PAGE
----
Daily Market Color

Banks Report Mixed Earnings, Trump Visits Britain

Jeff Davenport


Big Banks Kick Off Q2 Earnings

Three of the largest US banks reported earnings this morning, with JP Morgan and Citigroup beating profit expectations while Wells Fargo missed.  Holistically, banks stand to benefit in a rising rate environment, but the existing flat yield curve and ongoing threats of global trade wars continue to drive uncertainty in the long-term revenue outlook for financial institutions.  JP Morgan reported the strongest Q2 performance out of the trio, as earnings jumped 26% (+22% expected) and revenue gained 10% (+8% expected), helped in part by the Trump administration’s tax cuts.  Citigroup similarly outpaced estimates, with earnings per share of $1.63 that were boosted by a trimming of the bank’s expenses.  Wells Fargo did not fare as well on a relative basis, as average deposits fell by 2% and loans by 1% — a likely consequence of the negative media surrounding its aggressive consumer cross-selling problems and other public transgressions.  Overall, the financial sector finished more than 1% lower on the day.



Industrial shares were able to withstand the decline in financials, pushing the S&P 500 (+0.1%) to its highest level in the past five months.  The DJIA posted the largest daily rise of the three major stock indices, up 0.4%, while the tech-heavy Nasdaq inched 0.05% higher as shares of Amazon climbed to record levels.  US Treasurys rallied throughout the trading session, with yields/swap rates falling 1-3bps across the curve.  The yield on the 10-year is poised to finish the week near 2.83%, 1bp higher than Monday’s opening level but nearly 15bps lower than where it was a month ago and 30bps below the high yield for the year reached in May.  In commodities, WTI crude futures climbed 1% on the day to $71/barrel, albeit losing nearly 4% throughout the week with the news of increased production out of Libya and potential for eased Iranian sanctions.  Gold prices declined 0.4% during the trading session to a seven-month low of $1,240/ounce.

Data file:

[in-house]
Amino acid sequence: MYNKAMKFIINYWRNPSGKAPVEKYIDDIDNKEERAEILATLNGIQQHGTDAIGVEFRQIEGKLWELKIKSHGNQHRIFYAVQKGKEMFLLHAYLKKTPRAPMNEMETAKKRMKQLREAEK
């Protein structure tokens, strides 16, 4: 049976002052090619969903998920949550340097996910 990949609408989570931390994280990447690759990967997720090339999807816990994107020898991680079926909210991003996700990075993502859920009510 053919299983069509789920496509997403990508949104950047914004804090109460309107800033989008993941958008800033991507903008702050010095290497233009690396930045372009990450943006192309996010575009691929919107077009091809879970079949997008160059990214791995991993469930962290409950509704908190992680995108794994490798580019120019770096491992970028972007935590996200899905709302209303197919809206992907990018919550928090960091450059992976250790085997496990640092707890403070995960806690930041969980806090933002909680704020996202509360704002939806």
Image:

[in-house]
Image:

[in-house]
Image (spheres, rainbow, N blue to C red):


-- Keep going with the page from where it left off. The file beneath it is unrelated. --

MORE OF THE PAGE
Trade Tensions with the UK

Yesterday Donald Trump touched down in Britain for the first time since becoming president and managed to create a media frenzy within a matter of hours following an interview with a local newspaper.  Providing his thoughts on the Brexit terms that Prime Minister Theresa May has been actively negotiating with the EU, Trump stated “If they do a deal like that, we would be dealing with the European Union instead of dealing with the UK, so it will probably kill the deal, I would have done it much differently. I actually told Theresa May how to do it, but she didn’t listen to me.”  Trump was specifically referring to the potential for a trade deal between the UK and US, and his comments drew a wide array of criticism, especially on the back of a NATO meeting that was deemed by many pundits as less than productive.  He walked back from those comments today, first apologizing to PM May, then confirming that “I don’t know what you’re going to do, but whatever you do is OK with me,” and agreeing to pursue an “ambitious” trade deal between the nations.  Next up for Trump’s international diplomacy tour is a meeting with Russian President Vladimir Putin on Monday.  The US dollar lost 0.1% against a basket of major currencies, fluctuating in a 1% range throughout the day vs. the British pound on the headlines of the Trump/May meeting. 


Jeff Davenport

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